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Language Skills Related Tasks - help with CELTA Assignment 3


Language Skills Related Tasks Assignment

Language Skills Related Tasks is often set around the mid-point of a CELTA course. Like all CELTA written assignments, it is 750 to 1000 words long, and like all CELTA assignments, it's based on the course content and doesn't require a lot of background reading. However, unlike other CELTA assignments, it does explicitly require you to reference at least some background reading. This doesn't mean you need a library full of books. It does mean that you'll need a methodology book to consult, preferably one that has a chapter on receptive skills and one on productive skills. Any of the titles that your CELTA tutors recommended at the beginning of your course is fine. If you're wondering which book might suit you, here are some of our recommendations.


In the assignment, you'll be asked to design a skills lesson (or a set of skills tasks). These might be based on a text your tutors have given you or they might be based on a text you have chosen yourself. If your tutors ask you to select a text, you need to choose carefully. Think about how long the text is, how difficult it is and how culturally appropriate it is. You'll also need to think if it works for your students - is it something you can imagine they'd actually be interested in? You don't need to pick a very simple text, but it does need to be achievable for the students.


The key part of the assignment is task design. You'll be asked to design some receptive skills tasks. These should practise different sub-skills. Typically, these might include a gist task and a detailed comprehension task. You need to be very careful here. In my experience, it's most often in the design of receptive skills tasks that CELTA trainees trip up. Do the tasks yourself. Do students really need to understand the text in order to complete the tasks? Are the tasks doable by students at the level you're teaching? And do the tasks match the sub-skill you identified? It's important to make sure that a gist task actually does check if students have got the gist of a text. It's also important that a detailed comprehension task tests if students have got a detailed understanding of the text. You'll also be asked to design productive skills tasks.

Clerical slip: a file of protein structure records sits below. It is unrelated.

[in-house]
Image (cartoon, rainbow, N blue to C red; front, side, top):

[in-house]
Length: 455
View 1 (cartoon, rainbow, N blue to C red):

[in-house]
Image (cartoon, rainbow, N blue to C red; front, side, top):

As mentioned above, this is often the only assignment when you'll be asked to explicitly quote from your background reading. Make sure that you choose relevant quotations that show that you understand why students should practise whatever you're looking at in that section of the assignment, whether it's gist reading tasks or longer writing tasks.


Overall, this tends to be one of the more straightforward CELTA written assignments. So long as you can show an understanding of how receptive and productive skills lessons work, it's likely that you will have a good chance of success. It's not as "bitty" as the Focus on the Learner or Language assignments and so this can mean it doesn't take as long to write either - which is a relief!





Dr Connor O'Donoghue hails from Ireland and he started teaching English as a foreign language in Poland in 2003 and he became a CELTA trainer in 2008. He has taught and trained in Ireland, the UK, France, Italy, Slovenia, Macedonia, Poland, Russia, Kazakhstan and Vietnam. Connor also holds a Masters and a PhD in Education from Trinity College in Dublin. He has previously managed large teacher training centres in Vietnam and in London before founding DC Teacher Training.


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